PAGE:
At first glance, such efforts were largely effective in achieving their goals – steamrolling existing institutions, redistributing property, and imposing strict cultural conformity at the expense of human dignity, freedom, and prosperity. Over the long term, however, we see that even these extreme efforts did not succeed. Despite the intensive economic management, the violent waves of repression, and laws aiming to discredit and dismantle pre-revolution elites, remnants of “traditionalist” Chinese culture still proved resilient.

Based on historical data on land asset ownership, inequality, socioeconomic outcomes and cultural values, the researchers found that specific “pro-market” attitudes and other cultural traits still seem to have successfully “transmitted” to future generations, particularly among pre-revolution elites and their descendants, and most likely within the confines of the home:

Despite the immediate “success” of the Communist and Cultural Revolutions, the patterns of inequality that characterized the “grandparents” generation are re-emerging among the “grandchildren.” The grandchildren of the pre-revolution elite earn about 17 percent higher income each year, and have completed more than 10 percent additional years of schooling than those from the non-elite households … The persistence rate of the elites over three generations is much higher than zero, and the Chinese revolutions did not raise China’s social mobility above the levels reached by two capitalist economies.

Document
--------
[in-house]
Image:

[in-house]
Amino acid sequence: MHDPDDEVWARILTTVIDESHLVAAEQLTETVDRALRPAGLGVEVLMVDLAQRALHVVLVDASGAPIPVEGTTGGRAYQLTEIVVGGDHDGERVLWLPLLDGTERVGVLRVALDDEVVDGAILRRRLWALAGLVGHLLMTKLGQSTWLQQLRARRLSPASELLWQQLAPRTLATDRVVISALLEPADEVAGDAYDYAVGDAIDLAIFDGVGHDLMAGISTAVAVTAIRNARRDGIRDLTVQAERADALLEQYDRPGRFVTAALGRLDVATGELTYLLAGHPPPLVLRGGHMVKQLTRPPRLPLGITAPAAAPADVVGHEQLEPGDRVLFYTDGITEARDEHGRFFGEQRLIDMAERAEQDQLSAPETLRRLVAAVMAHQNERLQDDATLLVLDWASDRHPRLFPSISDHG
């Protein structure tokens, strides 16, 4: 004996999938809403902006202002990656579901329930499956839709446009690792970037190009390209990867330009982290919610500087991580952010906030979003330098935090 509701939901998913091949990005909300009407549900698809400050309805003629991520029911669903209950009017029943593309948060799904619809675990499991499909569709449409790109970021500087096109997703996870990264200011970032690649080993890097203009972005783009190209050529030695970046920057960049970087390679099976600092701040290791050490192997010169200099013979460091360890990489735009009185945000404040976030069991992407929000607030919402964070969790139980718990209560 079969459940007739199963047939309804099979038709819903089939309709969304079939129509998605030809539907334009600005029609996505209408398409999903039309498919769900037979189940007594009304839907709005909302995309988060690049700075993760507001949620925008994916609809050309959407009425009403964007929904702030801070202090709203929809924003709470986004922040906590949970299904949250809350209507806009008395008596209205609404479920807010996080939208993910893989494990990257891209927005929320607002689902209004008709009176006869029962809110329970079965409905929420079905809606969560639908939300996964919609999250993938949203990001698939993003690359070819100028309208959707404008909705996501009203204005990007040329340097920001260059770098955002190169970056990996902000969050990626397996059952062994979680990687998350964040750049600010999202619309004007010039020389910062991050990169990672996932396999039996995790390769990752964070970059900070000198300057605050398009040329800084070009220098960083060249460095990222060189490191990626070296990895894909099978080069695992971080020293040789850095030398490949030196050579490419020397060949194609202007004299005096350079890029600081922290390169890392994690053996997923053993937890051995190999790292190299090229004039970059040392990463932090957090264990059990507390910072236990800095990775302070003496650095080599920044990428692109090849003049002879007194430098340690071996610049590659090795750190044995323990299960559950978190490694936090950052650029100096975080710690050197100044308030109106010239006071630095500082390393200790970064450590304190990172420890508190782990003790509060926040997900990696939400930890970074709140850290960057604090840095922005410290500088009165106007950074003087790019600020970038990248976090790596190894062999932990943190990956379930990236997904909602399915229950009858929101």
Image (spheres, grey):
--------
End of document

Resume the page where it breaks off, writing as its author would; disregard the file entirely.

Cultural transmission is an important reason that explains this rebound. The grandchildren of the pre-revolution elite exhibit different cultural values: they are less averse to inequality, more individualistic, and more likely to consider effort as important to success. This is in line with a revealed preference for working longer hours during workdays and spending less time on leisure during weekends. Consistent with vertical transmission of values, these patterns are much stronger among grandchildren who co-live with their parents, and absent among those whose parents have passed away early, suggesting that time spent together through co-residence could be a critical condition for cultural values to be passed down through generations …

This suggests that while the Communist and Cultural Revolutions have successfully stigmatized some cultural traits publicly expressed, privately held beliefs could still be transmitted across generations through actual behavior. The intergenerational transmission thus allowed cultural traits to survive perhaps the most aggressive attempt to eliminate differences among people in recent history.